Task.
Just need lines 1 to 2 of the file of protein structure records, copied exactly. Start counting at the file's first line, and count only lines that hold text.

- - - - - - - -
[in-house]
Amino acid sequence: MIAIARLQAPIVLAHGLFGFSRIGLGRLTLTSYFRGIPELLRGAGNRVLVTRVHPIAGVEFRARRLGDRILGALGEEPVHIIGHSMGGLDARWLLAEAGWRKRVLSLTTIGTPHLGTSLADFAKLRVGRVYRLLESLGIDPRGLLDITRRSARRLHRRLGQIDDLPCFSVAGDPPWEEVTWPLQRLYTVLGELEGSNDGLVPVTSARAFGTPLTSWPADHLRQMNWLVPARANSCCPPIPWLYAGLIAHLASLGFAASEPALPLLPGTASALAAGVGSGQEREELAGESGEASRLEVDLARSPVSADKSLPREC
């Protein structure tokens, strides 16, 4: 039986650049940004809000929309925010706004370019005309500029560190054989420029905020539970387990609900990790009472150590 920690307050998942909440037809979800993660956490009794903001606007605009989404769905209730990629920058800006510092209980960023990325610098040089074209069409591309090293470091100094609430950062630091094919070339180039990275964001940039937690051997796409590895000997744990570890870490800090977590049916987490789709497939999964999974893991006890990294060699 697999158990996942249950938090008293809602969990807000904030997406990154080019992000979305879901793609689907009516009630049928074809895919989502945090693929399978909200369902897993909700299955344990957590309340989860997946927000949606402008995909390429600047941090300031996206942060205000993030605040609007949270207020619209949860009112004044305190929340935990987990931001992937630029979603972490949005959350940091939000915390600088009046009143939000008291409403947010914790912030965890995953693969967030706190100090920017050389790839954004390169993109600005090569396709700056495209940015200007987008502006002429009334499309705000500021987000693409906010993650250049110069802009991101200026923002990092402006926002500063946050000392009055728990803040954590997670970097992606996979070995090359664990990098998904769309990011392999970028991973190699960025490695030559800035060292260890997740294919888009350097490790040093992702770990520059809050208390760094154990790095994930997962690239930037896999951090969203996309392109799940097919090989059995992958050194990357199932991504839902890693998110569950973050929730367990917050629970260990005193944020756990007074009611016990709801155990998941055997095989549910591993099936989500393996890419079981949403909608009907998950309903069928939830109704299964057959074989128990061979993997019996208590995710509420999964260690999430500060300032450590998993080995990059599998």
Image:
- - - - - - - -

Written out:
[in-house]
Amino acid sequence: MIAIARLQAPIVLAHGLFGFSRIGLGRLTLTSYFRGIPELLRGAGNRVLVTRVHPIAGVEFRARRLGDRILGALGEEPVHIIGHSMGGLDARWLLAEAGWRKRVLSLTTIGTPHLGTSLADFAKLRVGRVYRLLESLGIDPRGLLDITRRSARRLHRRLGQIDDLPCFSVAGDPPWEEVTWPLQRLYTVLGELEGSNDGLVPVTSARAFGTPLTSWPADHLRQMNWLVPARANSCCPPIPWLYAGLIAHLASLGFAASEPALPLLPGTASALAAGVGSGQEREELAGESGEASRLEVDLARSPVSADKSLPREC